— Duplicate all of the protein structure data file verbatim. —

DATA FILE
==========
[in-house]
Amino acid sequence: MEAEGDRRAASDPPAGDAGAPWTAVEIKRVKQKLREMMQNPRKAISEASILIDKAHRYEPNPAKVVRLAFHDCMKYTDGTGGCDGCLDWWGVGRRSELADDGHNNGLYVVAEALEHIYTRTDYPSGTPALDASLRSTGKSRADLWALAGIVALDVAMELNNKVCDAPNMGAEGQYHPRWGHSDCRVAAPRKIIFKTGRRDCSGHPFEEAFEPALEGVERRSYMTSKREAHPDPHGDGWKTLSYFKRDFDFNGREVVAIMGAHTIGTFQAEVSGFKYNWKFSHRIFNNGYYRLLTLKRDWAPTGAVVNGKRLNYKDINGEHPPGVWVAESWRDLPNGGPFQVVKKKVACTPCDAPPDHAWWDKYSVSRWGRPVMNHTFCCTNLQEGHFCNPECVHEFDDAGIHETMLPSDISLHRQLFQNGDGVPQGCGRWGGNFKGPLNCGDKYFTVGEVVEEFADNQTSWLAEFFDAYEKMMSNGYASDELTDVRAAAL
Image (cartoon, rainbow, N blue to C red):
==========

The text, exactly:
[in-house]
Amino acid sequence: MEAEGDRRAASDPPAGDAGAPWTAVEIKRVKQKLREMMQNPRKAISEASILIDKAHRYEPNPAKVVRLAFHDCMKYTDGTGGCDGCLDWWGVGRRSELADDGHNNGLYVVAEALEHIYTRTDYPSGTPALDASLRSTGKSRADLWALAGIVALDVAMELNNKVCDAPNMGAEGQYHPRWGHSDCRVAAPRKIIFKTGRRDCSGHPFEEAFEPALEGVERRSYMTSKREAHPDPHGDGWKTLSYFKRDFDFNGREVVAIMGAHTIGTFQAEVSGFKYNWKFSHRIFNNGYYRLLTLKRDWAPTGAVVNGKRLNYKDINGEHPPGVWVAESWRDLPNGGPFQVVKKKVACTPCDAPPDHAWWDKYSVSRWGRPVMNHTFCCTNLQEGHFCNPECVHEFDDAGIHETMLPSDISLHRQLFQNGDGVPQGCGRWGGNFKGPLNCGDKYFTVGEVVEEFADNQTSWLAEFFDAYEKMMSNGYASDELTDVRAAAL
Image (cartoon, rainbow, N blue to C red):